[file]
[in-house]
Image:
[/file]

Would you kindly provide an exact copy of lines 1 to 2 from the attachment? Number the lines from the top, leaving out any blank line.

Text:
[in-house]
Image: